Scientists Hack Kinect to Study Glaciers and Asteroids | Wired Science | Wired.com
Last summer, Ken Mankoff shimmied through zero degree water and mud into a small cavern underneath Rieperbreen Glacier in Svalbard, Norway, holding a Microsoft Kinect wrapped inside a waterproof bag.
Using the little toy, originally meant as a motion-sensing device for the Xbox 360 video game console, Mankoff scanned the cave floor in 3D. During the summer, water from lakes on the glacier’s surface had gushed through the channel he was sitting in. The Kinect was going to provide a better understanding of its size and roughness, which could help researchers predict how the ice above would flow toward the sea.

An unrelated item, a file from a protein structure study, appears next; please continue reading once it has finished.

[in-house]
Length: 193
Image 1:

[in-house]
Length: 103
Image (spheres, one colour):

“I’ve always enjoyed repurposing cheap devices, doing things that you’re not supposed to do with them,” said Mankoff, a NASA funded Ph.D. student at the University of California, Santa Cruz studying ice and ocean interactions. “You know, the hacker ideals.”
He is currently a bit of an evangelist for the Kinect, trying to get scientist interested in using the device, which can record very accurate 3D data in visible and infrared wavelengths.